Hardship there doubtless may be under a statute which ... penalizes the transaction though consciousness of wrongdoing be totally wanting. Balancing relative hardships, Congress has preferred to place it upon those who have at least the opportunity of informing themselves of the existence of the conditions imposed for the protection of [the public] before sharing in illicit commerce, rather than to throw the hazard on the innocent public who are entirely helpless.
United States v. Dotterweich, 320 U.S. 277, 284-85, 64 S.Ct. 134, 138, 88 L.Ed. 48 (1943); see also United States v. Balint, 258 U.S. 250, 42 S.Ct. 301, 66 L.Ed. 604 (1922), which said of a regulatory statute: "Its manifest purpose is to require every person dealing in drugs to ascertain at his peril whether that which he sells comes within the inhibition of the statute, and if he sells the inhibited drug in ignorance of its character, to penalize him."
Many persons must own old guns that may or may not be capable of automatic fire. Congress wants the automatic guns registered. That is going to happen only if the onus is on the owner. The approach of Gardner and Ranney requires the owner to investigate, and so leads to compliance with the law. The approach of Anderson converts ignorance into bliss. Why would any owner investigate, if all that could happen would be (a) burdensome registrations; or (b) forfeiture of the weapon if the defendant turns out to be ineligible to register it because of a prior conviction; or (c) a conviction for failure to register. Rational people would turn a blind eye, which would defeat the purpose of the statute.
"Ignorance of the law is no excuse" is one of the most venerable maxims of criminal law--not because most persons know the law, but because laws seek to change behavior. Compliance increases if ignorance is costly. Learning the law in order to comply must have rewards. If conviction is impossible unless the defendant knows the statutory scheme, then persons who take the first step toward compliance (learning the rules) will go to jail if they do not complete their compliance, while persons who take no steps at all toward compliance are immune from the law's commands. That is not a sound approach as a norm.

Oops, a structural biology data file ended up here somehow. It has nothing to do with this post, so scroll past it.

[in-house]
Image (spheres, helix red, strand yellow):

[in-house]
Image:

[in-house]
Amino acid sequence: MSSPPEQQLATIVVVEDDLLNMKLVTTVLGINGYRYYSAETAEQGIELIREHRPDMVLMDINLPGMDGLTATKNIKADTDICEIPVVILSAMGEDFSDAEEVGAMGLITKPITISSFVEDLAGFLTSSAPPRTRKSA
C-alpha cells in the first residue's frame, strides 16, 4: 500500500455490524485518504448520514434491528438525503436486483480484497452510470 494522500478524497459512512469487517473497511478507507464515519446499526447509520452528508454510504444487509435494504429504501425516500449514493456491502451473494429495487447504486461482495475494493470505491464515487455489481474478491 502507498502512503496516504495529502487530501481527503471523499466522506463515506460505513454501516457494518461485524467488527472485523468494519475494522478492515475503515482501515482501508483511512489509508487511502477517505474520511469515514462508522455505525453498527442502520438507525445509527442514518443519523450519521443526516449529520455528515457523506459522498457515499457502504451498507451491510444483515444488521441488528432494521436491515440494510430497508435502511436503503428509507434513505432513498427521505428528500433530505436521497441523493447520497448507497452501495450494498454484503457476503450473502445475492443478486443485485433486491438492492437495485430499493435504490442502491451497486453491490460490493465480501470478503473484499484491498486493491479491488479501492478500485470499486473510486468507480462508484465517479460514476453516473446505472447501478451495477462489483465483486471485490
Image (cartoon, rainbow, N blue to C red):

Reading into the statute a requirement of knowledge that the object is a lay firearm, or a statutory firearm (the auto sear, for example), or a dangerous device apt to be regulated (hand grenades and bazookas, for example), makes sense. Knowledge of this kind is what puts people on inquiry. There is no sense in prosecuting someone who buys a cheesecake that, unbeknownst to him, contains hand grenades along with huckleberries. Nothing about a cheesecake calls for factual and legal research. Once a person knows that he possesses the sort of device that is extensively regulated, however, it serves the statutory scheme to cast on that person the risk of inaccuracy in evaluating facts and law. A majority of the appellate courts see things this way. United States v. DeBartolo, 482 F.2d 312, 316-17 (1st Cir.1973); United States v. Shilling, 826 F.2d 1365, 1368 (4th Cir.1987); Morgan v. United States, 564 F.2d 803, 806 (8th Cir.1977); United States v. Mittleider, 835 F.2d 769, 774 (10th Cir.1987); United States v. Gonzalez, 719 F.2d 1516, 1522 (11th Cir.1983). We accept the government's concession that the prosecution must establish this kind of knowledge, and we adhere to the majority view that it need not prove more.
For all of the foregoing reasons, the judgment of the district court is
MANION, Circuit Judge, dissenting.
I agree with the panel that Ross' first three arguments are without merit. But as to the fourth issue I would reverse and follow the Fifth Circuit, thus overruling our prior cases interpreting 26 U.S.C. Sec. 5861(d). See United States v. Anderson, 885 F.2d 1248 (5th Cir.1989) (en banc ).